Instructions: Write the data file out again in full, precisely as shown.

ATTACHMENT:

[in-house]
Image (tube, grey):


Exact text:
[in-house]
Image (tube, grey):